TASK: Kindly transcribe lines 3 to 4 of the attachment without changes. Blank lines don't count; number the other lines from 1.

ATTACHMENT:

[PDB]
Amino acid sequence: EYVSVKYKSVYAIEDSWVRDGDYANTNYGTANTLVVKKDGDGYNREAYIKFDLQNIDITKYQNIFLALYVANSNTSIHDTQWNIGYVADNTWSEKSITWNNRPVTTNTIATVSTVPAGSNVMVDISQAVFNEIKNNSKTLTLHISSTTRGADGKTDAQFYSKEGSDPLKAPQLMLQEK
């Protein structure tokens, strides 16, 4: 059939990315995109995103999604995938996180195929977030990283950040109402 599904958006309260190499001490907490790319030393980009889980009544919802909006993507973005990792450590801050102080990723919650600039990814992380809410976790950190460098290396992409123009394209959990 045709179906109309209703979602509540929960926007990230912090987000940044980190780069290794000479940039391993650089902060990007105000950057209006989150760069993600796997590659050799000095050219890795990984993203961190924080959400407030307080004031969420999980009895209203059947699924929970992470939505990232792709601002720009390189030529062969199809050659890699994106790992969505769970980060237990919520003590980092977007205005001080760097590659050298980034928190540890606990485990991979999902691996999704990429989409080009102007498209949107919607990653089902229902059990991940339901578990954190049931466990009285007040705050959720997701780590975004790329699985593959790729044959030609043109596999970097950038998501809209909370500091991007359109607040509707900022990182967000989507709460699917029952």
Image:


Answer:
């Protein structure tokens, strides 16, 4: 059939990315995109995103999604995938996180195929977030990283950040109402 599904958006309260190499001490907490790319030393980009889980009544919802909006993507973005990792450590801050102080990723919650600039990814992380809410976790950190460098290396992409123009394209959990 045709179906109309209703979602509540929960926007990230912090987000940044980190780069290794000479940039391993650089902060990007105000950057209006989150760069993600796997590659050799000095050219890795990984993203961190924080959400407030307080004031969420999980009895209203059947699924929970992470939505990232792709601002720009390189030529062969199809050659890699994106790992969505769970980060237990919520003590980092977007205005001080760097590659050298980034928190540890606990485990991979999902691996999704990429989409080009102007498209949107919607990653089902229902059990991940339901578990954190049931466990009285007040705050959720997701780590975004790329699985593959790729044959030609043109596999970097950038998501809209909370500091991007359109607040509707900022990182967000989507709460699917029952």
Image: